Nan Herman walked into the women’s prison in Shakopee looking for a part-time job. Little did she know that she would rise through the ranks and become a mentor over the next 20 years to the women and the staff who oversaw them.

“She could find good in every situation and every person,” said her daughter Stacia Ikpe of West Caldwell, N.J. “She didn’t see the people in prison as horrible people committing crimes but women who made some bad choices in difficult situations.” Herman, 81, of Chanhassen, died from cancer on March 24.

For those who worked alongside her, the small town farm girl who made a career in corrections had a calming presence. She became captain of security in 1993 — the first woman in the state to serve in that position.

She led with compassion and wit, said Joyce Cassidy, a friend and former prison colleague.

Newer correctional officers sometimes had trepidation when they oversaw the inmates who were sent to segregation because of a prison infraction. “Nan would say, ‘They don’t grow horns overnight,’ ” Cassidy recalled. “They’re just people, and they’ll be your neighbors some day, so treat them like humans.”

Herman took time to know the inmates — where they came from and the story that got them there, said Barb Hilleren, another former colleague and friend. She was slow to judge and quick to help, Hilleren added.

“Nan believed we could turn their lives around,” she said.

The key was to treat each woman with respect and compassion, Hilleren said. There was no need to make them suffer. Being in prison was punishment enough, and Herman would remind her colleagues: “ ‘We’re leaving at the end of the day, and they’re not,’ ” Hilleren recalled.

She loved her job so much that she often said she felt guilty taking pay for it, Cassidy said.

Herman, the youngest of five children, grew up on a farm in southern Minnesota near Wells.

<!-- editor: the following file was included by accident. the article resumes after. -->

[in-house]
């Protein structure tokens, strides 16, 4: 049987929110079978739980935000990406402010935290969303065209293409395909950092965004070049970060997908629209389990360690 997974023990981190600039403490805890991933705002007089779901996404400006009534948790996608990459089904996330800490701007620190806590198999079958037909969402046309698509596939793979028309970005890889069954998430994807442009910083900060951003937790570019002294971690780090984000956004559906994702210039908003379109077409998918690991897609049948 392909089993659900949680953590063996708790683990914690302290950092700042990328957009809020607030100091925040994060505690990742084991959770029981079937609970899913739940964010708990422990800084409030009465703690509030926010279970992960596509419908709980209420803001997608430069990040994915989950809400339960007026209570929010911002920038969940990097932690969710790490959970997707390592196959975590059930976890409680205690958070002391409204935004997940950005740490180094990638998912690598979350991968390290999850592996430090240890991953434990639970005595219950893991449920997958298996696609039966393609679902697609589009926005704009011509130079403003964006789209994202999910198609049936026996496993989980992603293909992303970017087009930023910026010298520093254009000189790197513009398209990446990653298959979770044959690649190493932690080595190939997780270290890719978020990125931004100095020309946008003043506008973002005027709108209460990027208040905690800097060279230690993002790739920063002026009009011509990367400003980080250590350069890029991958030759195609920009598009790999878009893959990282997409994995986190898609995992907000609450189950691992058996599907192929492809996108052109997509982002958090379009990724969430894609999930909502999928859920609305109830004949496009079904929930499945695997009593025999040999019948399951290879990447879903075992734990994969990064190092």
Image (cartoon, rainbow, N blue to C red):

“Nan enjoyed life wherever she went,” said her sister, Mary Schmid of Chanhassen. “I was a goody-two-shoes. I never had the fun that she did. She didn’t do anything illegal,” Schmid said, laughing. “But she pushed boundaries.”

After high school, Herman attended college but left after a year to work and eventually marry and raise a family, her sister said.

To earn a little money, Ikpe remembers her mom became a recipe tester for Betty Crocker. “That’s hilarious because she was the world’s worst cook,” she said.

Herman was 39 when she decided to go back to college and got a paralegal degree from Winona State University.

“It was important to her that women have a career,” Schmid said. “It was like an insurance policy for women in case they ended up being on their own. She also wanted to feel fulfilled.”

While she was there, Herman embraced college and joined the golf team. Why not, she figured. She was a golfer and everyone had four years of eligibility, said her son, Doyle Herman of St. Louis Park. She continued playing golf until chemotherapy took its toll two years ago. “She golfed five days a week,” her son said. “She was a golfing machine.”

She was competitive and always played to win whether it was golfing, cards or table tennis. “Back in college I would play racquetball with her, and she could beat me. She never gave you any quarter.”

She was witty, opinionated and adventurous. She ziplined in Costa Rica, went rafting in the Grand Canyon and continued to experience the world alongside her children and grandchildren.

A celebration of Herman’s life will be held at a later date with an open bar, as she requested, her son said. Besides her sister and two children, she is survived by two granddaughters.